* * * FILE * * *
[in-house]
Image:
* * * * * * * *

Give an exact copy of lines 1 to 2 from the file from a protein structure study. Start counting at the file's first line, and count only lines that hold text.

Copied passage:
[in-house]
Image: